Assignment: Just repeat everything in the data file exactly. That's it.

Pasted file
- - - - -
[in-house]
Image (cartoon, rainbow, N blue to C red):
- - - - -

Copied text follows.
[in-house]
Image (cartoon, rainbow, N blue to C red):